As I mentioned in May, there have been a number of positive regulatory or enforcement developments for employers, including (1) the repeal of the Volks rule, which would have changed the statute of limitations for OSHA recordkeeping violations from six months to more than five years, and (2) the rescinding of the memo establishing union walk-around inspection rights even in a non-union setting.
The good news for employers continues with developments related to the electronic recordkeeping rule and the associated controversial non-discrimination provisions that would prohibit blanket post-accident drug testing. Here’s the update:
Originally, OSHA’s deadline for employers to submit OSHA 300A summaries was July 1, 2017. After lawsuits were filed challenging the legality of these regulations, OSHA agreed to delay the implementation date by filing a Notice of Proposed Rulemaking to delay the compliance date until Dec. 1.
In response to the challenge to the entire rule as being in violation of the Administrative Procedure Act (APA), OSHA chose not to fight the lawsuit, but instead consented to a stay of proceedings by indicating that it may reconsider their position on the rule itself. The proposed rule states that “OSHA also intends to issue a separate proposal to reconsider, revise, or remove other provisions of the prior final rule.”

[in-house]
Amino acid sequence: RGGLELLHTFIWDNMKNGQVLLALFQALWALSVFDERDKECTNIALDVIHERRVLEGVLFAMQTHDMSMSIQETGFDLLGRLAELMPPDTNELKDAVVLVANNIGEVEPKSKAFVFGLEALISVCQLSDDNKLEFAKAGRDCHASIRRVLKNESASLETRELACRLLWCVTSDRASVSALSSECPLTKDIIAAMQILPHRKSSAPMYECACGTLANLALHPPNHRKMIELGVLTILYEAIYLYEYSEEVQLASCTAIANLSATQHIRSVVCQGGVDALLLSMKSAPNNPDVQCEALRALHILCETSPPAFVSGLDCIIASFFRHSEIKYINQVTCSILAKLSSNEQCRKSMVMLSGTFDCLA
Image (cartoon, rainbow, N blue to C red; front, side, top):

Other than the actual electronic submission of injury and illness logs, the other items relate to the non-discrimination provisions, which could apply to mandatory post-accident drug testing, the prohibition on financial safety incentives, and the expansion of “whistleblower-type” remedies from a 30-day statute of limitations to six months (without a signed complaint).
Therefore, while the electronic recordkeeping rule and associated non-discrimination provisions are still technically in effect, it does not appear to be a priority for enforcement for this administration. In fact, as noted in the proposed rule, it appears they will be initiating formal rulemaking to “reconsider, revise or remove” much of this controversial rule. Stay tuned for further updates on this rule.
Lawyers always have disclaimers. While OSHA has shown some positive movement on the regulatory front, it does not mean it has stopped inspecting facilities. In fact, for the first six months of 2017, inspections are on pace to match or exceed the prior year’s numbers. Employers still need to be vigilant in the creation, administration and implementation of their safety programs, employee training and the enforcement of safety rules.